• 100% agree with your assessment Carston, thanks for chiming in. I begin to initiate turns just a little bit further down the slope than I would on other skis and they just come to life and do what I want them to do. No issues with float thus far and I’ve skied these in some cement.

          Personally I was hesitant about the graphics because they garner a lot of attention, but you get used to it. The color profile looks great on snow.

          I humbly ask that you don’t change a thing! Freaking love these things. I’m 5’7’’ ~173lbs and I have the 186s mounted -.75cm from recommended.

        • After further extensive testing, speed definitely cures the tip dive issue! I will grab the K2 Pon2oon sometimes on pow days (first world problems), and can wiggle around in mellow flatter pow at slower speeds with that massive tip, seriously it’s HUGE.

          I loved the Shiro for years, the stiff predictable nature of a fully rockered free style pow ski is a dream. When you mentioned the tip taper issue and speed it all clicked. An extra heartbeat or two of straight lining before starting to turn and they are super happy.

          I don’t think 5 (or 10mm) of taper would be a positive change. It’s your ski, do what you want with it of course. With the matching side cut and rocker profile. I think they would be come too turny, and the tips/tails would be in the way, maybe not in the way but that easy toss on edge and drift the Bananas do would change. Maybe if you moved the widest part of the ski closer to the tip and tail? But then you’d end up with an Icelandic Nomad 115/125 style pow ski with a heavy tip, and lose some of the freestyle playfulness.

          I like them how they are. I don’t have a freestyle background, hence why mine are mounted at -1. Depending on what Paul Forward says when he updates the review, I might try -2 or -3 next season because I do have a more forward stance then most freestyle skiers, but I also might not because they ski fine how they are. I’ll say this, I’ve tried way too many pow skis over the past few years, and the Chipotle Bananas are surviving to another season. Japan, AK, Powder Highway, if I’m making a trip to chase pow, I’d be fine just taking the Bananas.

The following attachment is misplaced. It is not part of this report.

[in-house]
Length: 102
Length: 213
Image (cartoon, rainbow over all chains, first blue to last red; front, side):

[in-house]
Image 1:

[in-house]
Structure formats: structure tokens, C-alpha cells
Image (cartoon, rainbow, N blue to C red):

• Curious what other skis have been your favorites for inbounds pow days? Sounds like you’ve been on a bunch!

            Formerly owned the Bodacious, Bibby, and Billy Goat. All were great skis, but I’m still searching for “the one”

            I actually lovvvved the 190 Bibby/Wildcat, but I eventually got rid of it because I found myself over-pressuring the tips too often and I assumed there wasn’t much room to move the bindings behind recommended. I figured I’d change the ski rather than fight to change my style.

            I’ve been wondering to myself if the 193 Chipotle Banana (mounted at -1) is more or less sensitive to over-pressuring the tips than my 190 Bibby (mounted on the line) was.

  7. Any opinions out there on the Chipotle Banana Tour? Not that I have any desire to pay $1300 for a pair of skis, but I love slarvy 120+ mm skis. I don’t think I’m powerful enough for the standard version (5’10″/165 and tend to ride pretty light on my feet), but if the tour is a little softer I’d be curious to give it a try.

    • Got a response back from Moment customer support saying the flex of the tour is more or less the same, so you’re pretty much getting reduced dampness in exchange for reduced weight.

  8. Jeff. I’m 5’10” 145lb and ski the 186. I would highly recommend. They’re not that difficult to drive ime.

    For context I daily the old maroon qst, and also ride j skis masterblasters and a zero g 85. All around 180cm.